LINQPad [extension] methods [closed]

LINQPad defines two extension methods (in LINQPad.Extensions), namely Dump() and Disassemble(). Dump() writes to the output window using LINQPad’s output formatter and is overloaded to let you specify a heading:

typeof (int).Assembly.Dump ();
typeof (int).Assembly.Dump ("mscorlib");

You can also specify a maximum recursion depth to override the default of 5 levels:

typeof (int).Assembly.Dump (1);              // Dump just one level deep
typeof (int).Assembly.Dump (7);              // Dump 7 levels deep
typeof (int).Assembly.Dump ("mscorlib", 7);  // Dump 7 levels deep with heading

Disassemble() disassembles any method to IL, returning the output in a string:

typeof (Uri).GetMethod ("GetHashCode").Disassemble().Dump();

In addition to those two extension methods, there are some useful static methods in LINQPad.Util. These are documented in autocompletion, and include:

  • Cmd – executes a shell command or external program
  • CreateXhtmlWriter – creates a text writer that uses LINQPad’s Dump() formatter
  • SqlOutputWriter – returns the text writer that writes to the SQL output window
  • GetMyQueries, GetSamples – returns a collection of objects representing your saved queries / samples (for an example, execute a search using Edit | Search All)
  • Highlight – wraps an object so that it will highlight in yellow when Dumped
  • HorizontalRun – lets you Dump a series of objects on the same line

LINQPad also provides the HyperLinq class. This has two purposes: the first is to display ordinary hyperlinks:

new Hyperlinq ("").Dump();
new Hyperlinq ("", "Web site").Dump();
new Hyperlinq ("mailto:user@domain.example", "Email").Dump();

You can combine this with Util.HorizontalRun:

Util.HorizontalRun (true,
  "Check out",
   new Hyperlinq ("", "this site"),
  "for answers to programming questions.").Dump();


Check out this site for answers to programming questions.

The second purpose of HyperLinq is to dynamically build queries:

// Dynamically build simple expression:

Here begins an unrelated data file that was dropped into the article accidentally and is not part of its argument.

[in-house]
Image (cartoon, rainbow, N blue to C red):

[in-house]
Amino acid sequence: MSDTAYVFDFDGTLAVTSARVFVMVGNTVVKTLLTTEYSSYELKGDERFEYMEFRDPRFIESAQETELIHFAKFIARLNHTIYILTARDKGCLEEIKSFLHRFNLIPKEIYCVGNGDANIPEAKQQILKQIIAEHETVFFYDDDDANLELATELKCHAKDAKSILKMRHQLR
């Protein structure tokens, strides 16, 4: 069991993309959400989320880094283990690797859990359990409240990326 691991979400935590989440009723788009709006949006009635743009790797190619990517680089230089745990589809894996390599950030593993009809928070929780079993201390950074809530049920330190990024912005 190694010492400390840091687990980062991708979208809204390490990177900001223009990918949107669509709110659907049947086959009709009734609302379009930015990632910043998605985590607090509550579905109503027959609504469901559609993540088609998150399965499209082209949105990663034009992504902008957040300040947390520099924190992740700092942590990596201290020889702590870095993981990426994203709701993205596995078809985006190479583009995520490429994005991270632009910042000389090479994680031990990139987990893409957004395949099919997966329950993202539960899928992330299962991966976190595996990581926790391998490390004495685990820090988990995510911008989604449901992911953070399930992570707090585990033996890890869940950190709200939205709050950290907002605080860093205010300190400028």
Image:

new Hyperlinq (QueryLanguage.Expression, "123 * 234").Dump();

// Dynamically build query:
new Hyperlinq (QueryLanguage.Expression, @"from c in Customers
where c.Name.Length > 3
select c.Name", "Click to run!").Dump();

You can also write your own extension methods in LINQPad. Go to ‘My Queries’ and click the query called ‘My Extensions’. Any types/methods that define here are accessible to all queries:

void Main()

public static class MyExtensions
  public static string Pascal (this string s)
    return char.ToLower (s[0]) + s.Substring(1);

In 4.46(.02) new classes and methods have been introduced:

  • DumpContainer (class)
  • OnDemand (extension method)
  • Util.ProgressBar (class)

Additionally, the Hyperlinq class now supports an Action delegate that will be called when you click the link, allowing you to react to it in code and not just link to external webpages.

DumpContainer is a class that adds a block into the output window that can have its contents replaced.

NOTE! Remember to .Dump() the DumpContainer itself in the appropriate spot.

To use:

var dc = new DumpContainer();
dc.Content = "Test";
// further down in the code
dc.Content = "Another test";

OnDemand is an extension method that will not output the contents of its parameter to the output window, but instead add a clickable link, that when clicked will replace the link with the .Dump()ed contents of the parameter. This is great for sometimes-needed data structures that is costly or takes up a lot of space.

NOTE! Remember to .Dump() the results of calling OnDemand in the appropriate spot.

To use it:

Customers.OnDemand("Customers").Dump(); // description is optional

Util.ProgressBar is a class that can show a graphical progressbar inside the output window, that can be changed as the code moves on.

NOTE! Remember to .Dump() the Util.ProgressBar object in the appropriate spot.

To use it:

var pb = new Util.ProgressBar("Analyzing data");
for (int index = 0; index <= 100; index++)
    pb.Percent = index;

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